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Experiment

2D Nano Template Completed

Last Updated: October 19, 2010

* All times are Japan Standard Time (JST)

Production of Two Dimensional NanoTemplate in Microgravity (2D-NanoTemplate), which has been performed on board Kibo, was successfully completed.


The 2D-NanoTemplate experiment tries to make a nano-scale two-dimensional pattern (mask pattern) on a plate (substrate) in space by arranging a peptide-PEG* array on the substrate. After the experiment in space, the substrate will be returned to the ground to chemically fixate the mask pattern for making a 2D nano template. The mask pattern on the nano template can be imprinted to a substrate made of electronics material to produce semi-conductor elements.
* Peptides consist of amino arrays of amino acids. PEG is a polymer compound called polyethylene glycol

There is an ongoing trend toward miniaturization and functionalization in the semiconductor industry. The technique demonstrated in space can be applied to the production of high performance semiconductor elements.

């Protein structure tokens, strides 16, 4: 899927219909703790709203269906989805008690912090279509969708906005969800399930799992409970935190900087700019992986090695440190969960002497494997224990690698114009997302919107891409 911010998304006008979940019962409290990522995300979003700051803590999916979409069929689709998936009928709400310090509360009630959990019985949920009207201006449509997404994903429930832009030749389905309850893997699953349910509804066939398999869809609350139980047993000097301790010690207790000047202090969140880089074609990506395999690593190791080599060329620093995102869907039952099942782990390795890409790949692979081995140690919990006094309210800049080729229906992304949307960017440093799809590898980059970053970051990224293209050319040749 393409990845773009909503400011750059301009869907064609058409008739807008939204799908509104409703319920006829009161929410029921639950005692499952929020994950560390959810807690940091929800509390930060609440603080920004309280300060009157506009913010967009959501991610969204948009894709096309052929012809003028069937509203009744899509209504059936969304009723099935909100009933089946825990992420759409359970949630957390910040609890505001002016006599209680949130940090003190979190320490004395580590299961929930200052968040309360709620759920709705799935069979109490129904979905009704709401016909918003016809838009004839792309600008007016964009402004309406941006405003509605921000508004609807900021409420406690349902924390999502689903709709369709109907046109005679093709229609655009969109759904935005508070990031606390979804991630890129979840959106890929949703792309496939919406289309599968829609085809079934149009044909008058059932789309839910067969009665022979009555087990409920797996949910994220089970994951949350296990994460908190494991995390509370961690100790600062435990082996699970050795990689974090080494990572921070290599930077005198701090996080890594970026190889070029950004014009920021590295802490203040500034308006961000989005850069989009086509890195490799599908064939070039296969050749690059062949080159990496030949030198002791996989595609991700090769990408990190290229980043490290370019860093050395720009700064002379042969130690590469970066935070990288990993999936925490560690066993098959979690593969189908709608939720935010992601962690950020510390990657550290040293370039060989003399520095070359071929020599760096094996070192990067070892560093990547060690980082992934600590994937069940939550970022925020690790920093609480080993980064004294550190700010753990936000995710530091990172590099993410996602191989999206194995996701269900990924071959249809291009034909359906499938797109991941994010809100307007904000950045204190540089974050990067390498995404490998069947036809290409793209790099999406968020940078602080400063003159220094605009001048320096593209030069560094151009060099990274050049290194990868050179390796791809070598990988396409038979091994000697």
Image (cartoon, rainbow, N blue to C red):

Samples for the experiment were launched to the International Space Station (ISS) aboard the space shuttle Discovery (STS-131 mission), on April 5, 2010. Aboard the ISS, the sample was stored in the ISS refrigerator/freezer, MELFI. The sample was grown in the MELFI for about three months and the growth was terminated at 0:13 a.m. on October 16, 2010. The substrate will be returned to the ground aboard the space shuttle Discovery (STS-133 mission). After the recovery, detailed analysis on the space-produced mask-pattern will be performed.

It is expected that the nano template produced in space will tend to have higher quality. The semiconductor material made of the space-produced nano template should have higher quality and performance. Therefore, the experiment will lead to development of high performance computers, application to the blue LED lights, and realization of cost reduction in manufacturing of semiconductor products.


Special Message from Principal Investigator (PI)

We could control and maintain stable temperature required for mask pattern formation during the critical period. Critical phase will come again during sample recovery, so we have to maintain our concentration. We look forward to the sample recovery in November 2010. We would like to extend our gratitude to the ISS crew members and ground team who supported the experiment.

*All times are Japan Standard Time (JST)

 
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